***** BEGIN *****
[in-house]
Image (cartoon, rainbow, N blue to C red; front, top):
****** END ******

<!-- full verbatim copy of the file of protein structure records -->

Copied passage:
[in-house]
Image (cartoon, rainbow, N blue to C red; front, top):